26 of 27 people found the following review helpful
5.0 out of 5 stars AJAX and PHP by Example Aug. 26 2006
By Jeffrey Heaton - Published on Amazon.com
Format:Paperback|Verified Purchase
This book teaches by example. The first few chapters introduce AJAX and what part PHP, Javascript and XML all play. Then the remainder of the book takes you through several example applications. The example apps are simple enough that you can easily follow. These applications include Form Validation, Chat, Suggest and Autocomplete, Charting with SVG (Scalable Vector Graphics), using grids, and Drag and Drop.

Each example begins by showing you the source code and how to actually implemented/deploy that application. There is also a supporting appendix for additional information about deploying the examples on a web server. Then each chapter follows by by explaining how the example worked.

If you would like to quickly begin using AJAX from PHP this book is a great start.
27 of 29 people found the following review helpful
5.0 out of 5 stars Ideal for PHP Users April 18 2006
By Nathan Smith - Published on Amazon.com
Format:Paperback
There need to be more Ajax books like this. No, let me rephrase. Rather, more of the Ajax books out there should've been like this one. I just finished reading through AJAX and PHP: Building Responsive Web Applications and it is by far my favorite book on the topic of Ajax yet. The authors of this book: Bogdan Brinzarea, Mihai Bucica, Cristian Darie and Filip Chereche'-Tosa have done a great job of keeping the topics focused and applicable.

While other books I have read covered the concepts behind Asynchronous JavaScript and XML, they did so with a shotgun blast of information. While I appreciate an eclectic approach, it is irrelevant because many examples are for languages I never use. For instance, one single book might have a slew of exercises in ASP.NET and Java, with maybe a few chapters on PHP.

Sure, I could install Microsoft's .NET SDK or Sun's J2EE, but the likelihood of me every either using these two platforms is pretty slim. Don't get me wrong, I'm not against Microsoft or Sun as companies. I use Windows like everyone else, and am quite fond of OpenOffice. Suffice it to say, I am a front-end designer who is familiar with PHP.

There is a full gamut of examples to test out. I liked the way they list the full code in the text, in addition to offering the option of downloading it from Packt. I've read too many programming books that assume you're right there at your computer while reading. I don't know about you, but I like to take books with me to read when I can grab a spare minute here or there.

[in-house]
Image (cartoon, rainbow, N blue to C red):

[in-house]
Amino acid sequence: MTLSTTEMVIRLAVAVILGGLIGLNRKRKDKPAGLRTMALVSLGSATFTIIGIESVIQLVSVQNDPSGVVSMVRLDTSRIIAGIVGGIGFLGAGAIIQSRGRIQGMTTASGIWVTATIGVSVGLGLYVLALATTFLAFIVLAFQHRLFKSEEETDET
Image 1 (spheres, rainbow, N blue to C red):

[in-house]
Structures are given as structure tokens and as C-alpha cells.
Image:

Before I get into the contents of the book, let me point out a few caveats, in case you are considering purchasing it (which I would still recommend, if you're into PHP). In some of their code examples, they use XHTML 1.1. This is all well and good, but they neglect to specify content-type, meaning that it defaults back to text/html. So, while it still works just fine in a browser, it is against the W3C recommendation for how to serve various media types.

XHTML 1.1 should be served only as application/xhtml+xml, so their code examples would be better off as XHTML 1.0 Strict, because they aren't making use of any of the additional features to be found by stepping up to 1.1. Another thing to correct in their code would be line-breaks, which are consistently written throughout as [br/] when really it should be [br /]. Though seemingly innocuous, that single space is important. (Note: I used square brackets in the place of angled brackets, since Amazon does not allow for HTML in their reviews.)

Anyway, here is what topics are covered in the book: JavaScript and the Document Object Model, some CSS, XMLHttpRequest, proxy servers, and MySQL. They also touch on how to make use of Prototype and Script.aculo.us. Using this armament, they show you how to create fun stuff such as: live form validation, chat room (with color picker), auto-complete search, real-time SVG charts, XSLT grids, an RSS reader, plus a drag-and-drop to-do list.